Monday, January 18, 2010

More Weapons for the Crusade.

From lezgetreal a horrifying story about the inclusion of biblical citations on munitions manufactured for the US army.

Mikey Weinstein, the slightly crazy, ever-entertaining, absolutely driven founder of the Military Religious Freedom Foundation is quoted in the article.

01/18/09-by Bridgette P. LaVictoire
Coded Biblical messages in our military’s rifle sights? This might seem like an oddity, but ABC News has discovered that one of the prime manufacturers of military rifle sights, Trijicon, has placed coded references to Jesus and other Biblical passages on rifle sights sold to the Marines. Often the messages are cryptic and would require one to either be well versed in the Bible or be able to look them up. Often they are written in a manner such as “2COR4:6″ so that they may seem innocuous. Instead, this one is a reference to Second Corinthians 4:6 and that passage is specifically “For God, who commanded the light to shine out of darkness, hath shined in our hearts, to give the light of the knowledge of the glory of God in the face of Jesus Christ.” Another one is JN8:12 or John 8:12 and reads “Whoever follows me will never walk in darkness, but will have the light of life.” Other citations come from Revelations, Matthew, and other parts of the Bible.

Such a practice is not denied by Trijicon. In fact, their director of sales and marketing, Tom Munson, told ABC news that the passages had always been there, and blamed the issue being raised on a group who were “not Christian.” Of course, the fact that these sites are potentially being used by soldiers on the ground in Afghanistan and Iraq never seemed to fit into their equation. Many Muslims still vilify the West for the atrocities committed by the Crusaders in the Middle Ages, and the images of Americans as Crusaders come to take Muslim lands has been a prime selling point for the bin Laden corruption of jihad.

The practice of inscribing these sites began under Trijicon’s founder Glyn Bindon, a devout Christian from South Africa. Bindon died in a plane crash in 2003. The company is centered in Wixom, Michigan. According to Trijicon’s website “Guided by our values, we endeavor to have our products used wherever precision aiming solutions are required to protect individual freedom. We believe that America is great when its people are good. This goodness has been based on Biblical standards throughout our history, and we will strive to follow those morals.”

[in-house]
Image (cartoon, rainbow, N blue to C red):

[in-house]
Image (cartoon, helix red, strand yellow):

The coded references are on the military’s Advanced Combat Optical Guides or ACOG’s, and that the military was not aware of the problem until it was brought to their attention recently. The references are in the same font and size as the sights’ serial numbers.

According to Michael Weinstein of the Military Religious Freedom Foundation, “It’s wrong, it violates the Constitution, it violates a number of federal laws.” Trijicon, of course, claims that they are not violating the law. The MRFF is dedicated to preserving the separation of Church and State within the military. According to Weinstein, a former soldier and current attorney, people have complained about commanders commenting that these guns have been “spiritually transformed [into] firearm[s] of Jesus Christ.” He is also on record as saying “this is probably the best example of violation of the separation of church and state in this country. It’s literally pushing fundamentalist Christianity at the point of a gun against the people that we’re fighting. We’re emboldening an enemy.”

Whether or not the inscriptions violate the Constitution or the law, the wisdom of including them is highly suspect. “It allows the Mujahedeen, the Taliban, al Qaeda and the insurrectionists and jihadists to claim they’re being shot by Jesus rifles,” according to Weinstein. It also means that the hostile environment that created people such as Major Hasan, the Ft. Hood shooter, is reinforced within the very weapons that these men and women are being asked to carry into combat. Additionally, it does give a major propaganda weapon for the Taliban and Al-Qaida to use to claim that the United States is at war with Islam rather than being at war with just the extremists.

Trijicon received around $100 million in contracts in 2008, and in 2009, got an additional $31 million for a new weapons sight.

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Anonymous Ayurveda Training said...

I wish everyone would do this, it would make life so much easier.

January 21, 2011 at 8:39 PM  

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